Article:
The cast of Whose Line Is It Anyway?, Adam Vincent, Gravity Boots(?), Ian D Montfort, Guy Pratt, Noir Revue, Ivan Brackenbury, Dead Cat Bounce @ Gluttony (Excess Theatre)
8:00pm, Wed 16 Feb 2011
Gluttony is a new collection of venues, perched in that little park on East Terrace between Grenfell and Pirie, that sprung up earlier in the week. From the outside, it’s an ugly assembly of security fencing and portable cabins; inside, however, lies three performance spaces, some leafy areas in which to lounge, a decent bar, a Chipotle food stall, and a pig and luggage motif.
And no allegiance to Strut & Fret, if that sort of thing is important to you.
An old, very-dear friend-of-the-family has connections and we’re in for a little drinky celebrating the first night of Gluttonous activity. There’s a lot of people kicking around, and a real positive opening-night vibe. Tom Binns has a sit and chat with us for a minute or two; I raved about how wonderful his Ivan Brackenbury show was last year, and his response was a smile laced with sadness – “oh, you were the one who saw it!”.
Finally, around 8:00, the doors (well… tent-flaps) of Gluttony’s largest venue, the Excess, opened for the crowd of probably two hundred. Consisting of a long lineup of Gluttony’s performers, this one-off showcase was certainly an action-packed affair, and kicked off with improv theatre by the cast of Whose Line Is It Anyway?, who were lumbered with the task of ad libbing a piece about Uzbekistan, carrots, and drinking. The result was fantastic, and really fired the crowd up. They were then followed by Adam Vincent, who struggled to maintain their momentum… it took most of his short set to win the audience over, but he got there in the end. Unfortunately, a lot of his material felt familiar to me – and I’ve only seen him a couple of times before (in 2006 and 2009), and whilst the promise of dark material thrills, I’m a bit reluctant to commit.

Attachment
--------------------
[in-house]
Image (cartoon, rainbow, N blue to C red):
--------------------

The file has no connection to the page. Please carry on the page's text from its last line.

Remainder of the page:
An couple of characters (who I think were called Gravity Boots) then performed a surreal piece of theatre, each posing as a building: a neighbouring library and internet cafe. I’m buggered if I can find out who they were, or what show they are associated with, because their dry humour and quirky presentation definitely warranted another look. And then out came one of Tom Binns’ alter egos, Ian D Montfort: Spirit Medium, who failed to have the same joyous initial impact of Ivan Brackenbury; however, hints of his more evil character shone through and enticed.
Ex-Pink Floyd and Icehouse bassist Guy Pratt (my associate Barbara’s object of swoonery) came out and told a few tales of smashing up instruments and Bryan Ferry tour tales. These didn’t exactly fire the audience up in this larger venue, but I imagine they might go down a treat in a more intimate space; Noir Revue had no such problems, though, and managed to titillate and delight with some smokey singing, dancing, balance tricks and burlesque breasts.
A stumbling introduction brings Ivan Brackenbury to the stage, and I was delighted to see that he had the audience in uproarious laughter (if not tears) within minutes. Finally came Dead Cat Bounce, who made the Shortlist last year but were neglected – a mistake I won’t make again. These guys were fantastic, with rock-star sensibilities and comedy-laden songs; they’re definitely making the cut this year.
Blimey – that was a fair collection of acts! Eight mini-performances in a touch over ninety minutes made for a solid evening of entertainment… and the opportunity to do some Shortlist tweaking. Great stuff.